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Nuclear and Mitochondrial Informational Suppressors of box3 Intron Mutations in Saccharomyces cerevisiae

Anna Kruszewska


The recent DNA sequencing of the wild-type and mutated box3 intron of the mosaic mitochondrial cob-box gene has led to postulation of an introncoded mRNA-maturation protein responsible for splicing (Jacq et al. 1980; Lazowska et al. 1980). Thus, studies of suppressors of box3 mutations seem of particular interest. This paper describes genetic studies of suppressors of box3 intron mutations using essentially the methodology developed by Dujardin et al. (1980a).

A total of 953 revertants from 17 different box3 mutants were isolated, and their genetic determinants and phenotypes were characterized. Most revertants were of spontaneous origin; their characteristics are given in Table 1. The great majority of revertants were mitochondrially determined, and most of them had a wild-type phenotype. Nuclear suppressors were found in some mutants only. All of these suppressors were recessive and had a pseudo-wild phenotype. Three of them, nam3-1, nam4-1, and nam5-1, isolated from box3 mutant M2101, were chosen for further studies. They showed 2:2 segregation in meiosis and a lack of mitotic segregation.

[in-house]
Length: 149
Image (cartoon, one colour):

Mitochondrial suppressors unlinked with the box3 target mutation were searched for among revertants of pseudo-wild phenotype. Of 26 revertants tested (isolated from seven different box3 mutants), one such suppressor (mim3-1), derived from a box3-9 mutant, was found. It was detected because, in a cross with the wild-type strain (box3supact × box3+supina), it gave a significantly higher frequency of Gly colonies (16%) than did the other revertants (0.9–3.3%) and the control cross of the two wild-type strains (1.5%). Gly colonies from the cross...

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